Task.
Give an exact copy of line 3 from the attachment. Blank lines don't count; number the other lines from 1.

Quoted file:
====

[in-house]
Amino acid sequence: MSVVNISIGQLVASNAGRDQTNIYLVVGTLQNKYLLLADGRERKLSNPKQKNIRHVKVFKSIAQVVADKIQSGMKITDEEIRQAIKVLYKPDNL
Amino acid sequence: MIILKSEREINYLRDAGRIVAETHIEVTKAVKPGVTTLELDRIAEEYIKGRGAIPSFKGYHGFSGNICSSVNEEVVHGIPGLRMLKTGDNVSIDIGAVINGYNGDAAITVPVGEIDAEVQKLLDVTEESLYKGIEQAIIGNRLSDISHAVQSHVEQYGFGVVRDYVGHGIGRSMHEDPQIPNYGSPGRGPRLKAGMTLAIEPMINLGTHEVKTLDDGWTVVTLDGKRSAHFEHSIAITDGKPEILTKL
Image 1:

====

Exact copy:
Amino acid sequence: MIILKSEREINYLRDAGRIVAETHIEVTKAVKPGVTTLELDRIAEEYIKGRGAIPSFKGYHGFSGNICSSVNEEVVHGIPGLRMLKTGDNVSIDIGAVINGYNGDAAITVPVGEIDAEVQKLLDVTEESLYKGIEQAIIGNRLSDISHAVQSHVEQYGFGVVRDYVGHGIGRSMHEDPQIPNYGSPGRGPRLKAGMTLAIEPMINLGTHEVKTLDDGWTVVTLDGKRSAHFEHSIAITDGKPEILTKL